In your question, you say that sometimes, the asker seems incapable of understanding. But that is exactly why they asked in the first place: to find a way to understand. If you answer the question, your goal should be to help them understand. If they don't, it's not their fault, if they took the time to ask on here and respond to your posts. You have no right to be mad at people for their lack of intelligence.

As for the people who only ask homework questions, they are making it worse, but the majority of the questions I see are quality questions that are often berated for their seeming stupidity.

And really, stupid questions aren't very hard to combat: just rate down and move on. But driving off potential good contributors is a wrong that is much harder to write.

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I'm just saying that instead of trying to find a solution to a problem you have little control over, consider fixing a problem that you (I'm not saying anyone specifically, you could all be really nice) have complete control over. –  Prime624 Apr 29 at 4:43
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What do we have complete control over? I don't. Today what can I do the best is to flag bad questions. I got at least 30 useful flags every day. It's hard to maintain both qualities of the site and feelings of new users. Please understand that. And sorry If we make you feel that we are unfriendly. –  Poomrokc The 3years Apr 29 at 4:53
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"Many times I ask intelligent questions only to have the question closed because it's been asked before." - I don't know if anyone has mentioned this to you before, but... if many of your questions are getting closed as duplicates, you're probably using the site wrong. (1) You're supposed to search diligently for answers, on this site and elsewhere, before asking. (2) Closing a question is not unfriendly; it's just part of how the system works. If your question gets closed as a duplicate of something else, you still get an answer (on the duplicate question), so you should be grateful. –  D.W. Apr 29 at 6:26
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I have to agree with @Denis here looking at your questions (that I can see) they don't look particularly well thought out or formatted all of which can be gained by spending a little time reading through the introductory topics in the help section. If you really want to help the community this shouldn't be a problem. That way you will learn how to better utilise the site and a lot of your frustrations will vanish. –  Lankymart Apr 29 at 11:46
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A downvote with explanation!! This thread is talking about people that don't put any effort in searching before posting a question. The first question that you have asked on SO : stackoverflow.com/questions/21657602/… Now come on, don't tell me you did any google search about that, plus there must be tons of questions like that already on SO. We are trying to have as less as duplicates on SO and you just adding more, you clearly haven't understand how stack exchange work yet. –  ForceMagic Apr 30 at 14:03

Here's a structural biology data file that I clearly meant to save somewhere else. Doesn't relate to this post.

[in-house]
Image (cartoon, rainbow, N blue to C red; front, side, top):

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The quality of SO is the quality of both questions and answers. It does not make much sense to discuss why questions are getting worse without looking at the friendliness/unfriendliness of answers that shape the questions. As this answer suggests, if well-thought intelligent questions are encountered with harsh criticism and irrelevant answers by those who do not understand or do not care to understand the questions, why do you expect people continue to ask good questions? –  Ting L May 2 at 19:12
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@Prime624 10 minutes worth of research effort isn't a whole lot, although I'm not saying you would've found an answer to that question - you may have had more luck looking for why a backslash doesn't print in a string. Your question is somewhat invalid though - the result you're getting is the literal contents. And people are sometimes blinded by lack of research effort regarding things that are difficult to search for. And some people might consider your question not useful, as it relates to basic syntax which you really should learn as soon as you start learning about strings. –  Dukeling May 3 at 0:15
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@Dukeling What I should learn when I learn Strings is irrelevant. I didn't learn that, for whatever reason, and I am therefore asking a question. If I learned everything with the related concepts, I wouldn't be asking questions in the first place. –  Prime624 May 3 at 1:37
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@Prime624 10 minutes is far too short - I wold search for 30 mins at least and then go away an thing then ask - I would expect only to get a good answer after a day or two - i.e. let other see and vote/review the answer so just not rely on one person's view. –  Mark May 6 at 16:20
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Look, in short, this is place for help. Not a place where others are going to do you work for you. If you thought that you were going to get free work, well.... I have this bridge.....

If you're not getting the behavior that you want, you're offering the wrong incentives. That's straight out of my business classes.

If you want better questions, incentivise asking better questions. If you want better, more polite answers, incentivise that too.

To incentivise this, allow for the down-voting of questions. Deduct extra points for redundant questions. It should ding the asker so that eventually, they won't be able to ask anything anymore.

To incentivise polite, accurate answers, that needs to be separate from the overall "rep" score.
Add a "politeness" score and an "accuracy" score to the those who answer questions and open it to voting. The trolls will quickly be silenced by the community. Those who give wrong answers will quickly be voted down. Right now, no matter how rude or wrong your answer is, if you get voted up, you get your rep points, thus there is no incentive to be either polite or accurate.